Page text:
So my long-awaited debut novel is now in the ‘development’ stages…(code for ‘I’m trying to get someone kind/crazy enough to publish it’) and I thought that I would share a little excerpt with you.
Peppered with short stories from my childhood, I would describe the book as a non-fiction (I tell only the truth!), semi-autobiographical (don’t worry it’s not all about me), comedic survival guide based on my life-long Greek experiences. And there are many of them.
Hope you like it.
* * *
In the Beginning
“I saw your mother through the window,” my father begins, “I thought she was Greek, she had such a big nose.”
My mum clouts him over the head and says, “I was looking in the window at the rings and he poked his head out of the door with a cigarette in his mouth and yelled something at me in Greek. When I said I was English he got all excited and invited me into the shop.”
She explains how she had only arrived in Greece three days earlier, to work as a ballet teacher, and had been exploring her new neighbourhood looking for a ring to buy my Grandmother.
At the time, my father was working in an uncle’s jewellery shop and when he spotted this young beautiful woman peering into his window he couldn’t quite believe his luck.
“Was it love at first sight?” I ask dreamily.
“Well my first sight was of the gap between his front teeth and his hairy chest,” my mother answers. “But I did like his accent and his assertiveness. I asked to see one ring and he brought out every tray!”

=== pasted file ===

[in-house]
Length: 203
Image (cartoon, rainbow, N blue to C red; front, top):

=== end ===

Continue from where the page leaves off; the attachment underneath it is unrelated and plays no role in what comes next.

My father butts in, “She chose the most expensive ring I had and of course I had to give her discount. Then I asked her if she wanted me to show her the sights and she say yes!”
I can’t believe that my mum was taken in so easily by the Greek charm.
“Are you sure you weren’t drugged?” I ask innocently.
My father goes on to explain that he knew my mother was the one. Apparently a few weeks earlier, his aunt had read the future in his coffee cup and told him that she saw the shape of an aeroplane and a heart, which she inferred meant that he would meet a foreigner and fall in love. My father had scoffed at this, having met many tourists in his time, all of whom had been disposable.
“We met in October, then I brought her home for Christmas and she never left,” my father laughs.
“We got married in August, and that was that,” my mum adds, sighing heavily, with regret or contentment I can’t quite tell.
A year and a half later I am born with a full head of hair and a Greek set of lungs. A new life has begun.
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